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How can I obtain UK car insurance (just for a couple of weeks) with a US license
July 3, 2012 7:28 AM   Subscribe

How can I obtain UK car insurance (just for a couple of weeks) with a US license while traveling.

So I'm headed off home to England at the end of the week and I'm trying to get insured to drive my Dads car but it's proving a bit difficult because I'm a non resident and have misplaced my UK drivers license (I haven't lived there in about 16 yrs)

Any ideas MeFites?
posted by zeoslap to Travel & Transportation around England (18 answers total)
 
Your dad presumably has insurance for the vehicle. That insurance will presumably cover you, as insurance follows vehicles, not drivers. The policy is primarily insuring your dad's car, and only secondarily insuring your dad as such. I'm in the US, but this is just how auto policies work, and I'd be shocked if it were different over there.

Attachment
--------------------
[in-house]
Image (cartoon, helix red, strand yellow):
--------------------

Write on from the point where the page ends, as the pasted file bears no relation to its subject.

Your dad might want to call his insurance agent to be sure that everything is on the up-and-up, but I can't see why this should be a problem.
posted by valkyryn at 7:34 AM on July 3, 2012


Your UK license may have actually expired and need renewing anyway.

However, you should be able to get insurance if you get an international driving license. You can drive legally in the UK for 12 months. Because your dad is a resident, some of the restrictions about having a valid licence *and* being a resident should not matter as you'll just be a named driver.
posted by MuffinMan at 7:35 AM on July 3, 2012